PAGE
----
£22.2 billion paid out so far in PPI mis-selling scandal

Claims management firms are estimated to have swallowed up nearly a quarter of the cash


Compensation totalling £22.2 billion has been paid out to more than 12 million customers over the payment protection insurance (PPI) scandal, a spending watchdog has found.

But claims management firms are estimated to have swallowed up nearly a quarter of the cash, according to the National Audit Office (NAO) .

It highlights concerns raised by regulators that Government pension reforms could be a trigger for the next major wave of financial mis-selling.

Despite the £834 million cost of running the Financial Conduct Authority, Financial Ombudsman Service and Financial Services Compensation Scheme, mis-selling remains a "major problem", the NAO said.

NAO head Amyas Morse said: "Mis-selling of financial products remains a major problem for Britain's consumers. The regulatory and redress bodies have increased the prominence of mis-selling issues in financial service firms and £22 billion has been paid out in PPI compensation since 2011."

Customers wrongly sold PPI can put in a submission for compensation directly for free but many used claims management companies instead.

The firms are estimated to have taken between £3.8 billion and £5 billion of the £22.2 billion of compensation paid out between April 2011 and November 2015, the NAO said.

Complaints to the Ombudsman about PPI are now taking three times as long to handle as they did in 2011/12 as it struggles to deal with an unprecedented increase in its workload.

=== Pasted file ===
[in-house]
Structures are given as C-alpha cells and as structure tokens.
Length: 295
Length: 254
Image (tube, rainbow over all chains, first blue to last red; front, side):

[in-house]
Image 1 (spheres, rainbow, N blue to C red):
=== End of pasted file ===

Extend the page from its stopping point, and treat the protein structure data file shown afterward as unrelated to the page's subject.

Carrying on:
The Ombudsman has a backlog of 40,000 cases that are still outstanding after two years which it does not expect to clear until July 2017.

Banks have a poor record of dealing with complaints and the level upheld by the ombudsman has remained consistent over the past five years, the NAO found.

Its report points to a warning by the FCA that Government pension reforms easing access for savers "raise risks" that "vulnerable and unsophisticated" consumers could take financial decisions that are not in their best interests.

While fines appear to have substantially reduced financial incentives for firms to mis-sell, the complexity of products, sales incentives and company cultures mean the risks remain.

The NAO also found the FCA "lacks good evidence" on whether its actions are reducing overall levels of mis-selling.

Mr Morse added: "Legislative restrictions limit my access to information that the FCA holds on firms, making it impossible to draw definitive conclusions on its approach. The information my staff could see, such as customer complaints, does not show any clear reduction in the extent of mis-selling.

"The FCA cannot be confident that its actions are reducing the overall level of mis-selling, and it has further to go to show it is achieving value for money."

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